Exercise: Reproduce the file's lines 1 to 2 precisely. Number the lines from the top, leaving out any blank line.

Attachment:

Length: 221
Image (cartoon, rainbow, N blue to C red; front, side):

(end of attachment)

Length: 221
Image (cartoon, rainbow, N blue to C red; front, side):